*Tualatin Hills Nature Park at 15655 SW Millikan Way, Beaverton, OR 97006. There are several miles of paths for walking, jogging, meandering. Most of the paths are paved and suitable for strollers, bikes and scooters.
*Cooper Mountain Nature Park at 18892 SW Kemmer Rd. Beaverton, OR 97007. Offering a somewhat bigger challenge than the Millikan park, Cooper Mountain is a beautiful spot to hike and explore, with amazing views. You may even get lucky and spot the resident bobcat! These trails are not suitable for bikes, strollers or scooters, so bring good walking shoes and enjoy the scenery. The trailhead has a small play structure and sand pit, as well as a few picnic tables. Visit http://www.thprd.org/ for more information.
*Jackson Bottom Wetlands at 2600 SW Hillsboro Hwy. Hillsboro, Oregon 97113. This is a great wildlife preserve to explore, with easy walking trails. Admission is free, I believe, but with a suggested donation of $2. You and your children may have the opportunity to spot all kinds of animals, from bats and butterflies, to otters and nutria. There is even the occasional elk sighting! Visit http://www.jacksonbottom.org/ for more information.
*Hoyt Arboretum at 4000 Southwest Fairview Boulevard, Portland, OR 97221-2706. With 12 miles of trails, including a one-mile trail suitable for strollers, there is a lot to explore at the arboretum. Check their website to find out what you can see on each section of the trail at different times of the year. Visit http://www.hoytarboretum.org/ for more information.
*Audubon Society at 5151 NW Cornell Rd, Portland, OR 97210. With a nature center and four miles of forested trails, there is a lot to see here. For a bigger adventure, you can access longer trails in Forest Park or even head up to Pittock Mansion. Visit http://audubonportland.org/about for more information.
Do you have time to venture farther? Try these spots:
*Champoeg State park at 7679 Champoeg Rd NE, St Paul, OR 97137. This historical area offers a nice little museum, documenting part of Oregon's history, as well as camping, disc golf and hiking/biking trails. It is an easy drive from Portland for a day's outing. They often offer classes and demonstrations of early pioneer life as well. Visit http://www.champoeg.org/ and http://www.oregonstateparks.org/ for more information.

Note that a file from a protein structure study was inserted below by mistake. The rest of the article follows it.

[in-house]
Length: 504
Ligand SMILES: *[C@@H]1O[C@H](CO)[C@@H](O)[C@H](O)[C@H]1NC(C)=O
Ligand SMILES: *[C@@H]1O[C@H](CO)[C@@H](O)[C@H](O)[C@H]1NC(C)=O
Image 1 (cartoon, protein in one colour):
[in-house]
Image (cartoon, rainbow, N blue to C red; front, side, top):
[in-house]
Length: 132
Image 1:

*Willamette Mission State park in Salem, Exit 263 off I-5. This is a fun spot to explore, on foot or on bikes, and there is even a horse camp on site. The large picnic area in the filbert grove has plenty of room for little ones to run around, and you can collect filberts in the fall. There are paved and unpaved trails that wind throughout the vast park, one of which will take you to the Wheatland Ferry. Pedestrians can take the (very brief) ride across the Willamette and back again for free. In mid-late August, the trails are perfect for blackberry picking, so be sure to bring a bucket or two! Visit http://www.oregonstateparks.org/ for more information.
*A.C. Gilbert Discovery Village at 116 Marion St. NE, Salem, OR 97301. This charming, quirky, low-tech children's museum is housed in the former home of A.C. Gilbert, a fascinating inventor, magician and Olympic athlete! Gilbert is famous for inventing the Erector Set, and the outside play area of the museum features a huge wooden erector set that doubles as a play structure. Families are welcome to bring picnics to the outside area; no food is allowed inside the museum (comprised of three separate houses). The A.C. Gilbert Discovery Village is walking distance to Salem's waterfront area, complete with a footbridge over the river and a carousel. As a bonus, I believe OMSI members get into the museum for free! In fact, we purchased the A.C. Gilbert membership instead of the OMSI membership. It was $20 cheaper and got us into both places! Visit http://acgilbert.org/ for more information.
So go ahead, get on outside and enjoy our last few weeks of summer. Oregon has so much to offer, and you don't have to go far or work hard to find it!